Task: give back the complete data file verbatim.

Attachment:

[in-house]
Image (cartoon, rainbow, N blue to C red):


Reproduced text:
[in-house]
Image (cartoon, rainbow, N blue to C red):